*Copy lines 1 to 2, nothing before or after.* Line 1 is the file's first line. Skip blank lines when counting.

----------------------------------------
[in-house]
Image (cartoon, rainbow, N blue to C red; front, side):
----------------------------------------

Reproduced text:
[in-house]
Image (cartoon, rainbow, N blue to C red; front, side):